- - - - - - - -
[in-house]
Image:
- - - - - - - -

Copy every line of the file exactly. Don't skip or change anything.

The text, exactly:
[in-house]
Image: